The Woes of Online Privacy


We all have our fair share of pictures and posts that we’ve been tagged in or have written ourselves that we wish were not on the Internet. It’s commonly known that the information we post about ourselves on the Internet is not totally private, despite the claims of certain websites and applications. That which we allow onto the Internet will be there forever, even if we try to delete or remove it from our personal profiles. As smart girls, this could affect us way into our futures when our prospective employers look into us on the Internet. For this reason and others, the issue of online privacy has become a main point of concern for people of all ages.

When people post information about themselves on the Internet, they generally want it to remain private. Most people have privacy settings on Facebook that only allows their friends or friends of their friends to view their profiles. Social media networks like Facebook and Twitter have continuously told their users that their information is secure, despite the fact that it was found that Facebook once used their users’ pictures for advertisements regardless of their privacy settings.

Many Internet users have become increasingly concerned about the privacy settings available to them on websites and applications. Now that the Internet is seemingly everywhere around us due to the growing popularity of smart phones, people fear that the information they put on their computers and phones is available for the world to see. Some have demanded that website and app developers allow higher privacy settings for their customers. Others have set expectations for the government to enforce laws that mandate more privacy on the Internet.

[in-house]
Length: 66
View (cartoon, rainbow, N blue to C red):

As a result of these requests, the Federal Trade Commission of the United States government did update the Children’s Online Privacy Protection Act of 1998 (COPPA) this past summer. The updates gave parents control over the information that websites could collect from their children. Though these changes went over well with the general public, website and app developers saw them as advancement issues. Many worried that they would not be able to appease the COPPA because of the inability to know when a child is using the technology and when an adult is.

People seemingly have every right to be concerned about the privacy they are allotted when using the Internet. However, maybe instead of placing so much of the responsibility on website and app developers and the government, they should be more responsible themselves. It should be common knowledge that people should not post anything on the Internet that they do not want the world to see. That which is too private should be kept exactly that – private, which means far away from the World Wide Web.

Be smart online, smart girls!

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